Thou art the source and centre of all minds,
Their only point of rest, eternal Word !
From thee departing, they are lost and rove
At random, without honour, hope, or peace.
From thee is all that soothes the life of man,
His high endeavour, and his glad success,
His strength to suffer, and his will to serve.
But oh thou bounteous Giver of all good,
Thou art of all thy gifts thyself the crown !
Give what thou canst, without thee we are poor ;
And with thee rich, take what thou wilt away.'




1 JOHN II. 18—23.

Little children, it is the last time : and as ye have heard that antichrist shall

come, even now are there many antichrists; whereby we know that it is the last time. They went out from us, but they were not of us ; for if they had been of us, they would no doubt have continued with us; but they went out, that they might be made manifest that they were not all of us. But ye have an unction from the Holy One, and ye know all things. I have not written unto you because ye know not the truth, but because ye know it, and that no lie is of the truth. Who is a liar but he that denieth that Jesus is the Christ? He is antichrist, that denieth the Father and the Son. Whosoever denieth the Son, the same hath not the Father : [but] he that acknowledgeth the Son hath the Father also.

How could St. John say that his time was the last time? Has not the world lasted nearly one thousand eight hundred years since he left it? May it not last yet many years more?

You will be told by many that not only St. John, but St. Paul and all the Apostles laboured under the delusion that the end of all things was approaching in their day. People say so who are not in general disposed to undervalue their authority ; some adopt the opinion practically, though they may not express it in words, who hold that the writers of the Bible were never permitted to make a mistake even in the most trifling point. I do not say that; it would not shake my faith in them, to find that they had erred in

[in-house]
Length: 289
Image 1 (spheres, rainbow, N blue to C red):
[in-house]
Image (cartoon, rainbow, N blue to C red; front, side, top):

names or points of Chronology. But if I supposed they had been misled themselves, and had misled their disciples on so capital a subject as this of Christ's coming to judgment, and of the latter days, I should be greatly perplexed. For it is a subject to which they are continually referring. It is a part of their deepest faith. It mingles with all their practical exhortations. If they were wrong here, I cannot myself see where they can have been right.

I have found their language on this subject of the greatest possible use to me in explaining the method of the Bible; the course of God's government over nations, and over individuals; the life of the world before the time of the Apostles, during their time and in all the centuries since. If we will do them the justice which we owe to every writer inspired or uninspired, --if we will allow them to interpret themselves, instead of forcing our interpretation upon them,--we shall, I think, understand a little more of their work and of ours. If we take their words simply and literally respecting the judgment and the end which they were expecting in their day, we shall know what position they were occupying with respect to their forefathers and to us. And in place of a very vague, powerless, artificial conception of the judgment which we are to look for, we shall learn what our needs are by theirs ; how God will fulfil all His words to us by the way in which He fulfilled His words to them.

It is not a new notion, but a very old and common one, that the history of the world is divided into certain great periods. In our days, the conviction that there is a broad distinction between ancient and modern history has been forcing itself more and more upon thoughtful men. M. Guizot